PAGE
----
- opaque: Its a optional directive. Its a string of data, specified by the server, which should be returned by the client unchanged. It is recommended that this string be base64 or hexadecimal data. The opaque data is useful for transporting state information around. For example, a server could be responsible for authenticating content which actually sits on another server. The first 401 response would include a domain field which includes the URI on the second server, and the opaque field for specifying state information. The client will retry the request, at which time the server may respond with a 301/302 redirection, pointing to the URI on the second server. The client will follow the redirection, and pass the same Authorization header, including the opaque value which the second server may require.
- algorithm: Its a optional directive. It can have these values “MD5″ or “MD5-sess”
Authorization -> This header is assigned to username, realm, nonce, uri, qop, nc, cnonce and response directives. Let’s see the values of each directive.
- username: username entered by the user in the dialog box.
- realm: same realm as provided by the server.
- nonce: same nonce provided by the server.
- uri: uri of the resource which needs to be accessed.
- qop: In case server sends us qop values as “auth,auth-int” then we need to choose any one among the two. So the server also needs to know the qop we selected. We provide the selected value using this qop directive.
- nc: This directive MUST be specified if a qop directive is sent (see above), and MUST NOT be specified if the server did not send a qop directive in the WWW-Authenticate header field. The value is the hexadecimal count of the number of requests (including the current request) that the client has sent with the nonce value in this request. For example, in the first request sent in response to a given nonce value, the client sends “nc=00000001″. The purpose of this directive is to allow the server to detect request replays by maintaining its own copy of this count – if the same value is seen twice, then the request is a replay.
- cnonce: Its a unique value generated by the client. This prevents from chosen plaintext attacks. This MUST be specified if a qop directive is sent (see above), and MUST NOT be specified if the server did not send a qop directive in the WWW-Authenticate header field.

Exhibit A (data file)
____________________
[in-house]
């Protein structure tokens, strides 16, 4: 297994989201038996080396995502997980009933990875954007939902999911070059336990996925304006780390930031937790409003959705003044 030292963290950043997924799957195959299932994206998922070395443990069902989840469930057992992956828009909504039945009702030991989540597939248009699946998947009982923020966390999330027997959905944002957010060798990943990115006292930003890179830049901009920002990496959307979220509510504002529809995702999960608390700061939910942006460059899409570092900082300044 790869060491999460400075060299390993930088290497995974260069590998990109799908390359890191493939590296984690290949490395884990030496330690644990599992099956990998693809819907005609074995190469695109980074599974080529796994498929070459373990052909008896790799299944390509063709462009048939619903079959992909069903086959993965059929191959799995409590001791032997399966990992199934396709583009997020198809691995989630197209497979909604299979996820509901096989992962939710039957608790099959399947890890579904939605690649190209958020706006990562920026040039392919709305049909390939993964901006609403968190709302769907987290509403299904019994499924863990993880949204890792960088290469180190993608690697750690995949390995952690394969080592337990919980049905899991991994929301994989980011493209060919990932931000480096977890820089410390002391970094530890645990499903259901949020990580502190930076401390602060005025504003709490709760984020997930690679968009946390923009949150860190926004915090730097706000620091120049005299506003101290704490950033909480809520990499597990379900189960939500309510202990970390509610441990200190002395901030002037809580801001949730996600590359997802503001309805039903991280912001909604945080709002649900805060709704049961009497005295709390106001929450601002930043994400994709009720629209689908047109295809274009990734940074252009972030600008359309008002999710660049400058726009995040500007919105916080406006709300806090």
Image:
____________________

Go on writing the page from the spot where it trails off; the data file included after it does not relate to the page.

- response: Credentials are hashed and assigned to this directive. The way credentials are hashed depends on the qop and algoritm directives.
Authentication-Info -> This header is sended by the server if the authentication is successful. This header can be assigned to many different values according to the way server and client are designed. Most of the times this header is used to pass information to the client about the next authentication request. One popular directive this header is assigned to is nextnonce. nextnonce is assigned to a nonce will be used by the client to make an Authorization request directly instead of making a normal request and receiving the nonce. This decreases the number of requests made.
Preemptive authentication is when browser has the confidence to skip 1st and 2nd phase and jump to the 3rd phase directly.
In basic authentication clients saves credentials for every URL and realm so that it can be a preemptive authentication.
In digest authentication clients make use of domain directive, nextnonce directive, saved credentials and saved realm to make it a preemptive authentication.
Setting HTTP authentication using .htacces
For setting up HTTP authentication we can use any web server or we can manually write server side scripts for HTTP authentication. Here I assume you are using Apache HTTP web server.
For setting up basic authentication for root web directory place these two files in the root web directory
Now all files inside the web directory will have basic authentication protection with the same realm and credentials.
For setting up digest authentication for root web directory place these two files in the root web directory
For more information on authentication using .htaccess visit here
Logging Out User
To logout user from a session, web server needs to respond with 401 status code for Authorization request.
Digest authentication is more secure than basic authentication. Modern hacking tools can easily break digest authentication. So its always better to cover these models with TLS. I put a lot of explanation on how realm is used to create session among URLs and also how domain directive in digest can be used to make credentials of two URls same. Thanks for reading this.